Published by PETA.

And the Best Civil Engineer award goes to … the beaver! Scientists recently stumbled upon the world’s biggest beaver dam. Twice as long as the Hoover Dam, this whopping woodland creation can be seen from space.


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Using their mad landscaping skills, several beaver families have been working on this 2,790-foot Canadian compound since 1975 (I wonder if their lodges have shag carpet). The hardest-working mammals in the construction business, beavers are a keystone species, whose dams create and maintain wetlands. Beavers are also gentle, curious, family-oriented animals who mate for life and share in child-raising duties. Did I mention that they’re also fond of flute music?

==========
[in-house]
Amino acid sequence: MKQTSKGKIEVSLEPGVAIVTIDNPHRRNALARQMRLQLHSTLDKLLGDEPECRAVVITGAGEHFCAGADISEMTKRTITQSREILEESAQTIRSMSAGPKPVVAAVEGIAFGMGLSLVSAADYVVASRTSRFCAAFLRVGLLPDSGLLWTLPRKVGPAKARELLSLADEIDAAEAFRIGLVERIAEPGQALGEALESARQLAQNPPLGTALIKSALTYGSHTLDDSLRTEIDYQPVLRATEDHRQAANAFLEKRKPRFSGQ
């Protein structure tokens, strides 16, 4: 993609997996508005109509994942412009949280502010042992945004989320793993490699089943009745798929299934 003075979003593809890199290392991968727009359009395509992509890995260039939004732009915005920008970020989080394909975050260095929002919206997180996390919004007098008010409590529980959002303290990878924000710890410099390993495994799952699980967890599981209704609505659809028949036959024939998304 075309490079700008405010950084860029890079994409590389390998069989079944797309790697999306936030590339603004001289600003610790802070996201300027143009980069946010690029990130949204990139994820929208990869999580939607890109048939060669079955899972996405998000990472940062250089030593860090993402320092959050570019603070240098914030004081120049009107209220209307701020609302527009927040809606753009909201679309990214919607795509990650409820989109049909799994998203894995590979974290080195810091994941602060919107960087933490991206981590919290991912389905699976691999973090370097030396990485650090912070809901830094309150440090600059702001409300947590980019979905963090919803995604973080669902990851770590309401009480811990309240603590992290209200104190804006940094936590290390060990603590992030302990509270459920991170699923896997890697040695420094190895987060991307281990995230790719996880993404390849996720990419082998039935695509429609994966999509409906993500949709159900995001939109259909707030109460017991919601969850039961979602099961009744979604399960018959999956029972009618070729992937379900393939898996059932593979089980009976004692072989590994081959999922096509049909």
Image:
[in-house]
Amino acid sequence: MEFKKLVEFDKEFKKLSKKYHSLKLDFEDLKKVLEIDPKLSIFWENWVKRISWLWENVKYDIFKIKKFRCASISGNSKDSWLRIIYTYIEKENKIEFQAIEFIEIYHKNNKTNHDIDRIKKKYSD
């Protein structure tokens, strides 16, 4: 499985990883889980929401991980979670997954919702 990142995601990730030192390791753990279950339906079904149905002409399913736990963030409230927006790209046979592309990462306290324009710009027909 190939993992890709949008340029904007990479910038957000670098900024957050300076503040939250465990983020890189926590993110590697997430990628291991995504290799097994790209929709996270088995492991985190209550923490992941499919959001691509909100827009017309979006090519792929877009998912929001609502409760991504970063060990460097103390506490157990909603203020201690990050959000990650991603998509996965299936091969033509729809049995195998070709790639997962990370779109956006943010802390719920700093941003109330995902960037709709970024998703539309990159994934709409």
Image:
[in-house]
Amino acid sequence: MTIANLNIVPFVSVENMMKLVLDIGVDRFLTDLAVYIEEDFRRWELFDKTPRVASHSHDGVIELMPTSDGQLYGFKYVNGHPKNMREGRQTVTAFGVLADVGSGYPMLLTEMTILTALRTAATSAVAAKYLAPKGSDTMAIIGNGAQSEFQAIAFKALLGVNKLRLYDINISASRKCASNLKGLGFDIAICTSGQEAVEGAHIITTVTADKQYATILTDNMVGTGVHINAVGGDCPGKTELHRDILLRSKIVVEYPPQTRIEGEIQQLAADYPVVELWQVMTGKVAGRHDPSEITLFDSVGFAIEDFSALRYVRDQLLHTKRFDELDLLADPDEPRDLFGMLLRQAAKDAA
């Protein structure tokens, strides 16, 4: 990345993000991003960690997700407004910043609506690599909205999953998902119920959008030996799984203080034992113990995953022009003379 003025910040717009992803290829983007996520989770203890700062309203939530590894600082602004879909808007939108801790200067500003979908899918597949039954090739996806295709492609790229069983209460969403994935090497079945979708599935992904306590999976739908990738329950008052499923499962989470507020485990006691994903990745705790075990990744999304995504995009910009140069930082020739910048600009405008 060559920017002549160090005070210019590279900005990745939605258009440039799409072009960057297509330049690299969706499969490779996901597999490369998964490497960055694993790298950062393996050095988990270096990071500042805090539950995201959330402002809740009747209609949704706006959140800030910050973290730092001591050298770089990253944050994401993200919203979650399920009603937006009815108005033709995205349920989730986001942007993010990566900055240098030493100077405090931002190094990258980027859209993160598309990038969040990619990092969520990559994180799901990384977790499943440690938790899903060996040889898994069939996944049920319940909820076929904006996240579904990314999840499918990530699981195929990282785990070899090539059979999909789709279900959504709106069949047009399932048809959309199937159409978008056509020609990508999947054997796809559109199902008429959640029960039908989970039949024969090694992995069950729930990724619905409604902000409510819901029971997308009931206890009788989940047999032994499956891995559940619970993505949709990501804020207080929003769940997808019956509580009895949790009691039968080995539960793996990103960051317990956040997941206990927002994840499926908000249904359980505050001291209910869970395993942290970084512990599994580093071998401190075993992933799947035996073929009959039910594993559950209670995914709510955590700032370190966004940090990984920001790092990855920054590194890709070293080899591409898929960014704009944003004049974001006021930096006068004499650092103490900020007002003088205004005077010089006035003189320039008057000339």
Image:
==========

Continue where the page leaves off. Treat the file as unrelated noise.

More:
Important, intriguing, and dam fine builders, beavers’ biggest predators are humans who trap them for fur (fur trapping is the number one cause of death for beavers) or pick on them because they’re perceived as “pests.” Resolving conflicts with beavers and other wildlife is easy if you think like a beaver. Ingenuity, industriousness, good planning skills, and architectural know-how go a long way in peacefully coexisting with all our wild neighbors. So seriously, let’s leave beavers alone and let them enjoy their music.

Written by Amy Skylark Elizabeth

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 Ingrid E. Newkirk

“Almost all of us grew up eating meat, wearing leather, and going to circuses and zoos. We never considered the impact of these actions on the animals involved. For whatever reason, you are now asking the question: Why should animals have rights?” READ MORE

— Ingrid E. Newkirk, PETA President and co-author of Animalkind